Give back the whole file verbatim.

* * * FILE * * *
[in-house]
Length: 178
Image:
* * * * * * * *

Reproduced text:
[in-house]
Length: 178
Image: